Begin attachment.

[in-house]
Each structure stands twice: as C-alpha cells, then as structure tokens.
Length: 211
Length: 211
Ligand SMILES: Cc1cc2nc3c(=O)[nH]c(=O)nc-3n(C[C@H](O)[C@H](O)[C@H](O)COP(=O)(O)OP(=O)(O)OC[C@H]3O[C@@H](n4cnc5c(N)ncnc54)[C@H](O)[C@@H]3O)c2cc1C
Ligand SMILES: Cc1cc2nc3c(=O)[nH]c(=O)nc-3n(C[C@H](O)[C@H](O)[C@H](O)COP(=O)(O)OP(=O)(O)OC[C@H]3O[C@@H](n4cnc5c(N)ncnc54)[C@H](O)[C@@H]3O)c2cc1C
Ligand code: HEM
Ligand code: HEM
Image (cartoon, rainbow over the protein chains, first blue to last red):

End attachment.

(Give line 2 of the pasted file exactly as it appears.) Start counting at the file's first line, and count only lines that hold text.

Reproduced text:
Each structure stands twice: as C-alpha cells, then as structure tokens.